This junction in London was changed in the way that the city said it would and since that time it has claimed another life. There is a protest ride tonight (but note that London Cycling Campaign's suggested fix is very far from what is really needed). Before London can become a truly safe place to cycle it has to do a lot more than fix just one junction.

Please TfL, send someone. We can show you how to create proper safe cycling infrastructure which works for everyone.

Read more posts about Advanced Stop Lines ( Bike Boxes ). Also note that one of the most important interventions with regard to traffic lights in the Netherlands is enabling cyclists to avoid them altogether.

4 comments:

Estudio27 Architects said...

Eloquently said, as always. To create subjective safety, remove conflicts - it's as simple as drawing coloured lines on a plan. Perhaps TfL could do with some new felt-tip pens?

christhebull said...

The original reaction was fairly positive, as the "early start" traffic lights at the end of the cycle lane sounded like they would have a short cycle only phase, similar to certain bus gates.

However, it was realised that all the cycle light would do is control access to the ASL by making it slightly safer to undertake other traffic to enter it (assuming traffic hasn't entered it illegally or is simply queuing across it due to congestion), with the head start being merely the time it would take for a driver waiting a few metres behind a cyclist to catch up with them. Meanwhile cyclists who use the cycle lane when traffic in the same direction is moving will get a red light, and it wouldn't surprise me if people either ignore the cycle lane completely, or jump the red light and risk getting left hooked.

It is worth pointing out that Paul James came up with an alternate turbo roundabout based on the premise that while most pedestrian and cycle movement is west to east, most motor traffic is turning left or right, because through traffic can take the underpass or flyover, with the exception of access to side roads in the immediate vicinity and buses which stop on the slip roads.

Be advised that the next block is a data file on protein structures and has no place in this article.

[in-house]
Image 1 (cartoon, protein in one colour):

North to south cyclist movement is however insignificant - to the south the A12 goes through the Blackwall Tunnel where cyclists are prohibited, and cyclists are also prohibited to the north on the section of the road that is a former motorway (the only reason it was downgraded along with the A40 Westway was due to a legislative blunder that prevented TfL from managing motorways. It still looks the same, but doesn't have blue signs any more.)

Edas said...

David, nice to see you blogging again ;)

For anyone involved in city planning I highly recommend Hembrow's study tour.
Last autumn we took part in it and I'm really surprised to observe, that architects, who ride by bike to work, learned many things they didn't know before the tour.
It's obvious, that it is better one time to FEEL how things works than hundred times to read about that.

Koen said...

Hi David,
So basically your point is that with the shielded bike lane, advanced stop points and right traffic light timings, there is as little conflict as possible. I understand that the aim should be that for both drivers and cyclists there should be the least possible things to watch out for. Roundabouts are very busy to begin with, with al the signs,turns and other drivers, so drivers don't need people on bikes crossing unexpectedly. So yes, make the road so that everyone just behaves predictably. Mark has already pointed out in his excellent videos that the line of sight is so important, which corroborates with your video. Best practice would bee to have a separate cycle track some feet away from the roundabout, with the crossings several meters (1.5 carlengths) away from the roundabout, so drivers have room to stop for cyclists. But you know all that.
What you propose is very compact, and I have to say instead of a right turn (left on the Bow roundabout of course), your video shows an interval for traffic coming in from the left. Doesn't that change the way space is needed for the turn?